The Treasury market continues to cry in its beer this morning. For the fourth straight day, bonds are suffering under the weight of corporate supply and increasing agita over the future of monetary policy. Ford Motor Credit, an arm of
, postponed its planned $3 billion debt sale indefinitely due to the current illiquid market conditions, although three sources believe the deal will go ahead in mid-July.
Lately the 30-year Treasury bond was down 24/32 to 88 5/32. The benchmark bond's yield rose 6 basis points to 6.12%. Impending supply is still weighing on the Treasury market, even as Ford put off its offering. The Treasury sells $15 billion at its monthly two-year note auction later today. Federal agencies
are expected to sell $2 billion to $3 billion, and $500 million this week. Ford officials did not return calls seeking comment.
Corporate treasurers have been hurrying to secure long-term financing before an expected Fed rate hike next week in case long-term lending rates rise as a result of that action. Ironically, their enthusiasm only made matters worse, because supply puts pressure on bond prices, lifting interest rates. In addition, the coming quarter-end puts a damper on investors' appetite for risk, as they try to preserve their performance.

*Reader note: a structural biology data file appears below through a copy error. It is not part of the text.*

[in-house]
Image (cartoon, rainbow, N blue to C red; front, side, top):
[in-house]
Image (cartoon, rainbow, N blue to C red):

"Dealers don't want to take positions before the quarter-end and nor do portfolio managers," said Richard Schwartz, vice president in the stable value group at
New York Life Asset Management
. "There's a lack of liquidity right now in the market. I think Ford was trying to sell a very large issue and they were doing it into an illiquid market -- they created a worse environment for themselves to some degree."
What with the market already worried about the Fed meeting, Ford's not the only one to blame. A published report released today suggested the
will follow a 25-basis-point rate hike at the June 29/30
Federal Open Market Committee
meeting with subsequent increases later this year. The bond market, left to its own devices (that is, without friendly economic data or direct testimony from Fed Chairman
), continues to view the interest-rate outlook as frighteningly negative.
"The market is back up here over 6.10% and not below 6%, and things feel weaker," said Christopher Harms, director and portfolio manager of investment-grade corporate debt at
Economists at the
forecast today that the Fed will hike interest rates by 75 basis points over time, according to
. The report has only added to the market's reestablished belief that the Fed is not going to quit after one 25-basis-point hike, a line of thinking that temporarily asserted itself last week after Greenspan's remarks to
Congress' Joint Economic Committee
"The market swung from thinking there would be a lot of Fed action toward thinking that we were going to have less Fed action, and now it's leaning back toward more movement," said Schwartz. He believes the Fed will hike the fed funds lending target by 50 basis points from the current 4.75% at next week's meeting.